This Week's Night Sky: Famed Comet Buzzes Beehive

Comet 67P passes in front of a star cluster, and Jupiter poses with Mars and Venus.

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While the Rosetta spacecraft is getting a wonderful ringside seat to comet 67P, this week skywatchers get to spy on the icy interloper too.

Moon and Mercury.  The razor-thin moon returns to the evening skies on Monday, joining Mercury and giving skywatchers a new observing challenge.

Just after sunset, look for the moon only a few degrees above the western horizon. Because of the glare from sunset, try using binoculars to pick out the lunar sliver, and then scan 7 degrees to its left for star-like Mercury. Observers at lower latitudes—closer to the equator—will be able to catch the cosmic pair higher in the sky, where they're easier to spot.

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On Monday at dusk, the razor-thin crescent moon poses with Mercury low to the western horizon.

Rosetta’s Comet. For two nights starting on Wednesday, comet 67P/Churyumov-Gerasimenko will offer its best views to backyard telescopes thanks to its apparent flyby of the bright Beehive star cluster.

The comet is famous, of course, because of the European Space Agency’s Rosetta spacecraft that is currently orbiting it. The icy interloper is racing away from the sun at nearly 74,000 miles per hour (120,000 kilometers per hour) and is about halfway between the orbits of Earth and Mars.

The comet is shining feebly, at only magnitude 12, and is best seen from a dark location using a medium to large telescope with at least a 10-inch mirror.

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The Rosetta spacecraft’s new home, Comet 67P/Churyumov-Gerasimenko, will be gliding past the bright open star cluster known as the Beehive in the constellation Cancer this week.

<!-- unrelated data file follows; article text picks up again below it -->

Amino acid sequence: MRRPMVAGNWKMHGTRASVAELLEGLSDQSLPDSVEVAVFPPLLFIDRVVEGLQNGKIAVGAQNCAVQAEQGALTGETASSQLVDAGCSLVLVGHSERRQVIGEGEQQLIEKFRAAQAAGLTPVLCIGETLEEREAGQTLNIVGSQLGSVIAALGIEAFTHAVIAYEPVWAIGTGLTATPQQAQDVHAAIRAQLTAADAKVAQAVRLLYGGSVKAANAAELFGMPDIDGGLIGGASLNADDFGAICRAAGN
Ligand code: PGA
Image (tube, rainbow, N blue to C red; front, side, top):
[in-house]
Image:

Hunting down its location will be made much easier, though, since it is gliding only 2 degrees north of the Beehive Cluster, also known as Messier 44 in the constellation Cancer, the crab.

The two objects may look close together, but they are at vastly different distances, with the star cluster 577 light-years away and the comet only 165 million miles (266 million kilometers) from Earth.

Moon and Saturn.  Face towards the low western horizon about a half hour after sunset on Friday to check out the waxing crescent moon paying a visit with Saturn.  

This lord of the rings will be less than 3 degrees south of the moon this evening. Use binoculars to show off the pretty pairing, or train a telescope on Saturn to reveal its stunning rings. It’s amazing to think that its rings extend out to 75,000 miles (120,000 kilometers) from the planet’s cloud tops yet are less than 100 meters thick.

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The largest planet in the solar system will be hanging below Mars and Venus at dawn this Sunday.


Wait a day, and by Saturday evening the moon will form a pretty celestial triangle with Saturn on its right and the orange star Antares below it.

Planet Trio.  Early risers on Sunday can catch Jupiter posing with Venus and Mars above the eastern horizon.

About 30 minutes to an hour before sunrise, try spotting Jupiter closest to the horizon with Mars and Venus perched above that king of planets. Make sure to find a viewing spot with a clear, unobstructed view of the horizon. Also keep tabs on this cosmic trio in the coming weeks, as the planets will slowly converge for a set of spectacular close encounters in October.

Clear skies!

Follow Andrew Fazekas, the Night Sky Guy, on Twitter, Facebook, and his website.

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